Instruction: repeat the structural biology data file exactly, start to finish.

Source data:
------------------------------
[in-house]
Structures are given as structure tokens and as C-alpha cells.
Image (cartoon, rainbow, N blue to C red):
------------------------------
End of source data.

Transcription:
[in-house]
Structures are given as structure tokens and as C-alpha cells.
Image (cartoon, rainbow, N blue to C red):